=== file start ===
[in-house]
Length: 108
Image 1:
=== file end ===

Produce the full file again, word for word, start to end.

[in-house]
Length: 108
Image 1: